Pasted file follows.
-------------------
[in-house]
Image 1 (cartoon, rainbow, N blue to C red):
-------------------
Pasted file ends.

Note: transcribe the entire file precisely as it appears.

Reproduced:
[in-house]
Image 1 (cartoon, rainbow, N blue to C red):